We would like to identify the crew members whose photograph appeared in yesterday’s post, there not being time to do so yesterday. They were from the Kirkwood crew, who sadly were all killed when their aircraft crashed close to the 405 Squadron base of Gransden Lodge on the edge of Hayley Wood.
Many grateful thanks to John Clifford who organised the revamp to the Black Thursday exhibition at the Pathfinder Collection, Heritage Centre, RAF Wyton, pictures of which can be seen here.
John also showed us round yesterday. He was on top form as the guide to what is basically a Pathfinders Aladdin’s Cave, containing countless riches connected with 8 Group’s history.
He was ably assisted by the hugely knowledgeable Carl Thomas. There was also the lovely surprise of a lighting visit by Peter Stanley, who began the original Pathfinder Collection in 1995, the basis of everything which can be seen today. Pete received a well-merited round of applause.
It was exceptionally good weather yesterday morning for the service of Remembrance for Black Thursday, 16/17 December 1943, and for the laying of the wreath and flowers at the memorial afterwards. The very fine memorial window to the Pathfinders formed a dramatic backdrop to the service.
We are most grateful to everyone at RAF Wyton who helped organise the day. Our particular thanks are due to Sergeant Chris McCormick, OIC at the Heritage Centre, and the Station Commander Wing Commander R L Dixon, who attended the service and the lunch afterwards, not to mention the top guys at the Heritage Centre who we will be thanking in the updates on the Pathfinder Collection later today.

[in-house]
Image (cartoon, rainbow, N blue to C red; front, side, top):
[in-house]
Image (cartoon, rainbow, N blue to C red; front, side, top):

On the way to RAF Wyton for the Commemorations of 16/17 December 1943. Will be posting tomorrow on the new exhibition and on the day’s events.
JENNIE MACK GRAY
In December 1943, the only real facilities available to land in weather conditions of extremely poor visibility were FIDO and a system known as SBA (Standard Beam Approach).
FIDO, the Fog Investigation and Dispersal Operation, was at that time only installed at three airfields:— the PFF stations RAF Graveley and RAF Downham Market, and RAF Fiskerton close to Lincoln.
On 16 December, Graveley was stood down for operations, but due to the terrible conditions elsewhere a number of aircraft converged there hoping to land using FIDO. READ MORE
There must have been many quiet acts of courage at the scenes of the crashes on the night of 16/17 December 1943. Most would have gone unnoticed except by those present, and we are not aware of any other medals for bravery than the one described here. This was the British Empire Medal, awarded to a member of ground crew at RAF Station Bourn for the rescue of the wireless operator Joe Mack, who featured in our 11 December post
for further info on Sidney Mathews see Sidney Mathews: A Portrait
Numerically speaking, 97 Squadron was the Pathfinder squadron most seriously affected by the disaster of Black Thursday. However, 405 Squadron
was also hit particularly hard. It was often called the Canadian squadron despite Bennett’s insistence that its aircrew were only 50% Canadian (see Bennett and the Canadians). A large number of the Pathfinder aircrew lost on Black Thursday were Canadian, 13 out of the total of 50 Pathfinder deaths and 10 of these being from 405 Squadron. 405 Squadron and Black Thursday.